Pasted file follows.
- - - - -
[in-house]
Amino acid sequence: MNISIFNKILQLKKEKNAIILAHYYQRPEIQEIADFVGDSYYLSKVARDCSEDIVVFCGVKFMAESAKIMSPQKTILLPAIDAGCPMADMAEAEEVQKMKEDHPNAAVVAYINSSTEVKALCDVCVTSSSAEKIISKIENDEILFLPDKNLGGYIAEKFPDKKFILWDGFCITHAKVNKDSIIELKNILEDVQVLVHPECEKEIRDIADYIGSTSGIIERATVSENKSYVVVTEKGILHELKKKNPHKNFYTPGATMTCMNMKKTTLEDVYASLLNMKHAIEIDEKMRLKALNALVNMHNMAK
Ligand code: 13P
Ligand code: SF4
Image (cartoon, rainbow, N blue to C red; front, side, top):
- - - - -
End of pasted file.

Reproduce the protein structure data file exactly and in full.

[in-house]
Amino acid sequence: MNISIFNKILQLKKEKNAIILAHYYQRPEIQEIADFVGDSYYLSKVARDCSEDIVVFCGVKFMAESAKIMSPQKTILLPAIDAGCPMADMAEAEEVQKMKEDHPNAAVVAYINSSTEVKALCDVCVTSSSAEKIISKIENDEILFLPDKNLGGYIAEKFPDKKFILWDGFCITHAKVNKDSIIELKNILEDVQVLVHPECEKEIRDIADYIGSTSGIIERATVSENKSYVVVTEKGILHELKKKNPHKNFYTPGATMTCMNMKKTTLEDVYASLLNMKHAIEIDEKMRLKALNALVNMHNMAK
Ligand code: 13P
Ligand code: SF4
Image (cartoon, rainbow, N blue to C red; front, side, top):